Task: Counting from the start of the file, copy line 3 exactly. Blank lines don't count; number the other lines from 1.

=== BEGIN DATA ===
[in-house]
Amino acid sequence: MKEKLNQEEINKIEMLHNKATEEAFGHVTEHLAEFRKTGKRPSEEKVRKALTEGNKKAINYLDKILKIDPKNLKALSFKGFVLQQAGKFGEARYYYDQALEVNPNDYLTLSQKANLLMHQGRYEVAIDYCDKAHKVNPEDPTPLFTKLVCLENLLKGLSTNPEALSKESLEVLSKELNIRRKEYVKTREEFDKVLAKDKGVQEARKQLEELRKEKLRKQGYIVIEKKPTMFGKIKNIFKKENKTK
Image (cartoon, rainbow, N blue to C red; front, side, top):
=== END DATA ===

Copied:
Image (cartoon, rainbow, N blue to C red; front, side, top):